June 17, 2003
Court's Decision in Sell v. United States Reflects Psychology's Recommendation that Alternatives to Drug Therapy Should be Considered
WASHINGTON — In it's decision in Sell v. United States, announced on Monday, June 16, the Supreme Court agreed with a major tenant of an amicus curiae brief filed by the American Psychological Association (APA) -- that courts should consider "alternative, less intrusive means" before forcibly medicating mentally ill criminal defendants. The Court's decision in Sell is furthermore consistent with the test that APA recommended in its brief and cites APA's brief with approval on one important issue.
The APA filed an amicus curiae brief with the Court as a neutral amicus to the Court i.e. not in support of either party.
In Sell, the Court was asked to clarify the circumstances in which a court may order the involuntary administration of antipsychotic medication to a criminal defendant who is incompetent to stand trial, but who is competent to make medical decisions on his own behalf (including the decision to refuse antipsychotic medication) and who is not dangerous to himself or others. In its brief, APA took the position that, although such involuntary administration of antipsychotic medication is not flatly forbidden by the Constitution, its use must be carefully limited to those circumstances where no less intrusive (nondrug-based) approach will be effective, the specific identified medication is substantially likely to be effective at restoring the individual to competency, and the medication is not likely to result in serious adverse side effects.
The Supreme Court agreed with this analysis. In its decision, the Court states (at pp. 11-12):
[T]he Constitution permits the Government involuntarily to administer antipsychotic drugs to a mentally ill defendant facing serious criminal charges in order to render that defendant competent to stand trial, but only if the treatment is medically appropriate, is substantially unlikely to have side effects that may undermine the fairness of the trial, and, taking account of less intrusive alternatives, is necessary significantly to further important governmental trial-related interests.
Consistent with APA's analysis, the Court further clarified (at pp. 12-13) that (1) in determining whether the government has an important interest in bringing a defendant to trial, a trial court must consider the possibility that the defendant will be civilly committed, or has already been detained for a lengthy period; (2) the government must show that the medication is substantially likely to render the defendant competent to stand trial; (3) the court must find that no alternative, less intrusive approach is likely to achieve substantially the same result of restoring a defendant to competency; and (4) the particular medication must be in the patient's best interest, taking into account both efficaciousness and side effects.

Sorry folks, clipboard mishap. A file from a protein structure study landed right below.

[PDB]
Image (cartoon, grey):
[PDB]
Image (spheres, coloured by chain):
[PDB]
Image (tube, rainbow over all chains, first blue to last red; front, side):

"The bottom line is that -- thanks to APA's submission -- the Court has specifically required that trial courts consider and rule out nondrug alternatives before ordering involuntary drug treatment," states Nathalie F. P. Gilfoyle, General Counsel for the APA.
A further important point is that the Court made clear that, before ordering involuntary administration of drugs to restore a defendant to competency, a trial court should first consider whether involuntary medication would be justified to address the defendant's dangerousness to himself or others (pp. 14-15). The Court clearly seems much more comfortable with involuntary drug treatment on grounds of dangerousness than with such treatment for restoration of competency. Indeed, the Court specifically remarked that, although involuntary administration of drugs solely for trial competence may be permitted in certain instances, "those instances will be rare" (p. 12).
The American Psychological Association (APA), in Washington, DC, is the largest scientific and professional organization representing psychology in the United States and is the world's largest association of psychologists. APA's membership includes more than 150,000 researchers, educators, clinicians, consultants and students. Through its divisions in 53 subfields of psychology and affiliations with 60 state, territorial and Canadian provincial associations, APA works to advance psychology as a science, as a profession and as a means of promoting human welfare.